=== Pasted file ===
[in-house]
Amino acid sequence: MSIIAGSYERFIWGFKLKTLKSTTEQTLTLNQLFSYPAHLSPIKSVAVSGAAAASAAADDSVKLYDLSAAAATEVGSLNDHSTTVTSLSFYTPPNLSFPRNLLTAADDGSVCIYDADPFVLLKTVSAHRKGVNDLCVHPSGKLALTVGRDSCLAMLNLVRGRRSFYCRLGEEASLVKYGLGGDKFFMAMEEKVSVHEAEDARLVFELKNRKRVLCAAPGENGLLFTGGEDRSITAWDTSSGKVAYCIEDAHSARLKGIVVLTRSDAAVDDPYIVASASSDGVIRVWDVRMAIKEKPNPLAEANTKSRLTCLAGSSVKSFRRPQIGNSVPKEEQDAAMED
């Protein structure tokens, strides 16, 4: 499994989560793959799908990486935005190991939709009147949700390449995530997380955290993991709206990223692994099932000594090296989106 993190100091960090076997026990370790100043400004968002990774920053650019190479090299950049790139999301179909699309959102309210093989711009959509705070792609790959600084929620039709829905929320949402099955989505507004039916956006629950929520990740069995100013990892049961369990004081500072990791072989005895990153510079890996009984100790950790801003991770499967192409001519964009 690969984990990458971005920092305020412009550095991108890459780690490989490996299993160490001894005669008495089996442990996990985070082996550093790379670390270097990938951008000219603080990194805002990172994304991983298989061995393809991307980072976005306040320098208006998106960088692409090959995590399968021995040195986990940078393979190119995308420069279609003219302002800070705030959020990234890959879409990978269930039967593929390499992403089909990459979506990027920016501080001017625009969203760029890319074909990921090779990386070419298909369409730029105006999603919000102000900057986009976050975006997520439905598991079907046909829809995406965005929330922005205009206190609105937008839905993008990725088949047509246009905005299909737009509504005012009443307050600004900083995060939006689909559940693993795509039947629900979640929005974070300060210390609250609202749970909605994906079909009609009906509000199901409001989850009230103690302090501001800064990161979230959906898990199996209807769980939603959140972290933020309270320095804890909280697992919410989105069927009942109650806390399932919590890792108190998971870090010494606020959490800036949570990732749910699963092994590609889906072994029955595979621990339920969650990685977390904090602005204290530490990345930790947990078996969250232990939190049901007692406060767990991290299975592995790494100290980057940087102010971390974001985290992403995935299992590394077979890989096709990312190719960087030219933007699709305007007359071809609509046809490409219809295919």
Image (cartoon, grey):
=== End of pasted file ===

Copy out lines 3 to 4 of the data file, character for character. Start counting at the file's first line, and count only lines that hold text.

């Protein structure tokens, strides 16, 4: 499994989560793959799908990486935005190991939709009147949700390449995530997380955290993991709206990223692994099932000594090296989106 993190100091960090076997026990370790100043400004968002990774920053650019190479090299950049790139999301179909699309959102309210093989711009959509705070792609790959600084929620039709829905929320949402099955989505507004039916956006629950929520990740069995100013990892049961369990004081500072990791072989005895990153510079890996009984100790950790801003991770499967192409001519964009 690969984990990458971005920092305020412009550095991108890459780690490989490996299993160490001894005669008495089996442990996990985070082996550093790379670390270097990938951008000219603080990194805002990172994304991983298989061995393809991307980072976005306040320098208006998106960088692409090959995590399968021995040195986990940078393979190119995308420069279609003219302002800070705030959020990234890959879409990978269930039967593929390499992403089909990459979506990027920016501080001017625009969203760029890319074909990921090779990386070419298909369409730029105006999603919000102000900057986009976050975006997520439905598991079907046909829809995406965005929330922005205009206190609105937008839905993008990725088949047509246009905005299909737009509504005012009443307050600004900083995060939006689909559940693993795509039947629900979640929005974070300060210390609250609202749970909605994906079909009609009906509000199901409001989850009230103690302090501001800064990161979230959906898990199996209807769980939603959140972290933020309270320095804890909280697992919410989105069927009942109650806390399932919590890792108190998971870090010494606020959490800036949570990732749910699963092994590609889906072994029955595979621990339920969650990685977390904090602005204290530490990345930790947990078996969250232990939190049901007692406060767990991290299975592995790494100290980057940087102010971390974001985290992403995935299992590394077979890989096709990312190719960087030219933007699709305007007359071809609509046809490409219809295919």
Image (cartoon, grey):